On the forthcoming International Medieval Congress in Leeds our project organises two sessions about the income and property of clerics in Late Antiquity.
Late antique clerics had diverse sources of income. Some of them were rich when they got ordained, but others had to earn their life. These sessions will seek to answer the following questions: How much did the clerics rely on church property and revenues? What were other sources of their income, either those linked with their religious expertise or unconnected with ecclesiastical activity? How were the frontiers fixed between not only private property and revenues of clerics and those of the church, but also between the resources of diverse groups of clergy?
The schedule is as follows:
Wednesday, 5 July, 9.00-10.30
Income and Property of Clerics in Late Antiquity, I (session 1031)
chair: Ralph W. Mathisen, Department of History, University of Illinois, Urbana-Champaign
- David Hunter, Department of Modern & Classical Languages, Literatures & Cultures, University of Kentucky, Ambrosiaster and the Problem of Clerical Profit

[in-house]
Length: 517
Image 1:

- David Natal Villazala, Departamento de Prehistoria, Historia Antigua y Arqueología, Universidad de Salamanca, Church and Private Property in Ambrose of Milan (d. 397)
- Marta Szada, Instytut Historyczny, Uniwersytet Warszawski, The Workman Is Worthy of His Meat?: Economic Status of the Local Clergy in 7th-Century Spain
Wednesday, 5 July, 11.15-12.45
chair: Ralph Mathisen, Department of History, University of Illinois, Urbana-Champaign
- Isabelle Mossong, Kommission für Alte Geschichte und Epigraphik, Deutsches Archäologisches Institut, München, Income and Property of Late Antique Clergy: Epigraphical Realities
- Claire Sotinel, Centre de recherche en histoire européenne comparée (CRHEC), Université Paris-Est Créteil Val de Marne, Financial Issues Concerning Presbyters in Papal Correspondence
- Robert Wiśniewski, Instytut Historyczny, Uniwersytet Warszawski, Not a Grand Scandal, but Little Embarrassment: Paying Clerics for Ritual Expertise in Late Antiquity